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Validator

DoctrineModule provides three validators that work out the box : DoctrineModule\Validator\ObjectExists and DoctrineModule\Validator\NoObjectExists that allow to check if an entity exists or does not exists in database, respectively; DoctrineModule\Validator\UniqueObject that allows to check if a value is only used in one object. They work like any other standard Zend validators.

All three validators accept the following options :

  • object_repository : an instance of an object repository.
  • fields : an array that contains all the fields that are used to check if the entity exists (or does not).

The DoctrineModule\Validator\UniqueObject also needs the following option:

  • object_manager : an instance of an object manager.

For the use_context option and other specifics to DoctrineModule\Validator\UniqueObject see below.

Tip : to get an object repository (in Doctrine ORM this is called an entity repository) from an object manager (in Doctrine ORM this is called an entity manager), you need to call the getRepository function of any valid object manager instance, passing it the FQCN of the class. For instance, in the context of Doctrine 2 ORM, here is how you get the object_repository of the 'Application\Entity\User' entity :

$repository = $entityManager->getRepository('Application\Entity\User');

Simple usage

You can directly instantiate a validator the following way:

$validator = new \DoctrineModule\Validator\ObjectExists([
    'object_repository' => $objectManager->getRepository('Application\Entity\User'),
    'fields' => ['email'],
]);

var_dump($validator->isValid('test@example.com')); // dumps 'true' if an entity matches
var_dump($validator->isValid(['email' => 'test@example.com'])); // dumps 'true' if an entity matches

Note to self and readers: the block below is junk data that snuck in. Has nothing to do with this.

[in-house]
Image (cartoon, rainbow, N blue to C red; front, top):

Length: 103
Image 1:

Use together with Zend Framework 2 forms

Of course, validators are especially useful together with forms. And this is deadly simple. Here is how you would add a NoObjectExists validator to a form element (for more details about Form, please refer to the official Zend Framework 2 documentation) :

namespace Application\Form;

use DoctrineModule\Validator\NoObjectExists as NoObjectExistsValidator;
use Zend\Form\Form;
use Zend\ServiceManager\ServiceManager;

class User extends Form
{
    public function __construct(ServiceManager $serviceManager)
    {
        parent::__construct('my-form');

        // Add an element
        $this->add([
            'type'    => 'Zend\Form\Element\Email',
            'name'    => 'email',
            'options' => [
                'label' => 'Email',
            ],
            'attributes' => [
                'required' => 'required',
            ],
        ]);

        // add other elements (submit, CSRF…)

        // Fetch any valid object manager from the Service manager (here, an entity manager)
        $entityManager = $serviceManager->get('Doctrine\ORM\EntityManager');

        // Now get the input filter of the form, and add the validator to the email input
        $emailInput = $this->getInputFilter()->get('email');

        $noObjectExistsValidator = new NoObjectExistsValidator([
            'object_repository' => $entityManager->getRepository('Application\Entity\User'),
            'fields'            => 'email',
        ]);

        $emailInput->getValidatorChain()
                   ->attach($noObjectExistsValidator);
    }
}

Of course, if you are using fieldsets, you can directly add the validator using the array notation, for instance in the getInputFilterSpecification function, as shown here :

namespace Application\Form;

use Zend\Form\Fieldset;
use Zend\InputFilter\InputFilterProviderInterface;
use Zend\ServiceManager\ServiceManager;

class UserFieldset extends Fieldset implements InputFilterProviderInterface
{
    protected $serviceManager;